Is Emma Watson Good At Doing an American Accent?

We asked a professional dialect coach

Hello! I'm perfect! hahahahahaha

Hello! I’m perfect! hahahahahaha Andreas Rentz/Getty Images for Paramount Pictures

It’s been five years since Emma Watson last raised a wand as Hermione Granger, but it’s still been a strange journey to see her fully evolve her post-Potter persona as international feminist pixie dream girl and star of films that don’t require her to pretend to see CGI dragons. Part of that evolution has been crossing the classic hurdle of any English actor who wants to be bankable in big Hollywood films: perfecting an American accent.

Hugh Laurie did it. Benedict Cumberbatch did it to get those big Marvel bucks. Jude Law, bless his soul, always tries. It’s something of a rite of passage, an inevitability that wannabe actors across the Atlantic learn early in their training (that’s part of the reason Brits are markedly better at going American than we are at trying to sound posh: they know it’s something they’re almost definitely going to need, and so they practice).

Emma Watson has already gone yankee, so to speak, in The Perks of Being A Wallflower and The Bling Ring, in which she used a more specific, valley girl Calabasas accent a la Kardashian. And now she’s at it again, alongside Tom Hanks in The Circle, an adaptation of a Dave Eggers novel that depicts a Google-meets-Black-Mirror dystopian future. (It should be noted that she’s also starring with fellow Brit Karen Gillan, who won my heart with her pretty decent American accent in the short-lived but delightful TV show, Selfie.)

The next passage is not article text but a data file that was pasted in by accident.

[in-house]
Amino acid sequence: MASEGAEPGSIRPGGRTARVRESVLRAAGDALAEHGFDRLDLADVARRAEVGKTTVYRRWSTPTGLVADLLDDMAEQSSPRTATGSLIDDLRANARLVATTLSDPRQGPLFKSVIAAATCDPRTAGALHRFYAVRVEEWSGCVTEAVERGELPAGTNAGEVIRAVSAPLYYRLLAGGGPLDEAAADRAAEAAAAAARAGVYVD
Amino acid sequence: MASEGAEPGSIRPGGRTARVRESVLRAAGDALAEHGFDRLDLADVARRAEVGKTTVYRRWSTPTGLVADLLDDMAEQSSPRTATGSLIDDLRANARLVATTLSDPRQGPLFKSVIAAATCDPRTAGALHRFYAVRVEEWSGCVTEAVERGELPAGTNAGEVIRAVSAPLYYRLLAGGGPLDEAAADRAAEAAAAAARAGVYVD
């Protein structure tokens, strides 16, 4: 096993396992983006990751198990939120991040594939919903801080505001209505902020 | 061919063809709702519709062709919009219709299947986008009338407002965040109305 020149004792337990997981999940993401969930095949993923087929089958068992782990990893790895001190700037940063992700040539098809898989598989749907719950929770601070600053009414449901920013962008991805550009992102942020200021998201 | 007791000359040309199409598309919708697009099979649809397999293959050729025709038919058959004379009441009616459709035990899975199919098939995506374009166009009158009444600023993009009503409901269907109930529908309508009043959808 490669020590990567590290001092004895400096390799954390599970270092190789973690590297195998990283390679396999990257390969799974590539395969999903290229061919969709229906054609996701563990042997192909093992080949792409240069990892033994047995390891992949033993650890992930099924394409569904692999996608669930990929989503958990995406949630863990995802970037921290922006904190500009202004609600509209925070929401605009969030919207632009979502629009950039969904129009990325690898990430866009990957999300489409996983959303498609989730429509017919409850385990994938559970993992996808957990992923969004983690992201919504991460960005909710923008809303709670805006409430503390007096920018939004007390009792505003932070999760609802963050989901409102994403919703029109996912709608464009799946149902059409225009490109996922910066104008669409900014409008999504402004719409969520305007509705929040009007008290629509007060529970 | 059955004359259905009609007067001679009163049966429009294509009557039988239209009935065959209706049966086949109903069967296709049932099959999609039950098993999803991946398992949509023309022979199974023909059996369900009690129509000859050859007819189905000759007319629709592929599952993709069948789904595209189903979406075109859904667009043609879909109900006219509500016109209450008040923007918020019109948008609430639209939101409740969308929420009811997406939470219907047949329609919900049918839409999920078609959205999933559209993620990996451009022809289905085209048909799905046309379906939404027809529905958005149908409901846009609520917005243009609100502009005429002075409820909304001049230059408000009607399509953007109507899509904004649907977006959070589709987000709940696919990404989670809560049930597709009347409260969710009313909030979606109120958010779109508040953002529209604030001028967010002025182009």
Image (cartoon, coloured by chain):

The first scene in the trailer is Emma getting interviewed for her job at The Circle, with that guy who I recognize from Difficult People asking her a bunch of quirky “this is a fun job!” interview questions.

Something about her answers seemed… pinched? Strange? It’s possible that I’m just so used to a beautiful English accent coming out of her gorgeous face that hearing our flat ugly American syllables seems a little off. Like taking a sip of water when you expect it to be milk.

But, I’m no expert. After all, I’m biased against her because she and I overlapped two years at college and I never got to become her friend. And so I reached out to an unbiased source, Erik Singer—professional dialect coach and noted expert in analyzing celebrity accents in films—to see if he could enlighten me on whether Emma Watson was actually any good.

Her accent in The Bling Ring, from what I heard, is flawless. Really excellent work. It’s a very specific accent, of course—what you might call young female LA. But in the trailer, there’s literally nothing I would want to hear differently. Is it broad/’pronounced’? Yes. Do real people speak like that? Yes. Is it appropriate to the role and the film? From what I can tell from the trailer, yes.”

So how does she do with the less affected American accent?

Singer was careful to clarify that the few lines she has in The Circle trailer aren’t enough to accurately gauge, really, how good she does overall.  “That said, it’s good,” he wrote. “There are tiny things I’d adjust if I were giving her notes on the scene, but overall it’s good. Even leaving the paucity of material aside, we can’t really gauge improvement over time, because it’s a different American accent than she’s using in Bling Ring—much more what’s usually called ‘General’ American (I have problems with this term). One other thing I might add, I suppose, as general background, is that her native oral posture is closer to the posture of the accent she’s using in The Bling Ring than in The Circle. But I’m sure that’s something her coach on The Circle was aware of and addressed.”

So there you have it. Emma Watson: beautiful, Ivy League-educated, philanthropic, just rolling (Rowling) in Harry Potter money, and also pretty good at doing  an American accents. God dammit.

Is Emma Watson Good At Doing an American Accent?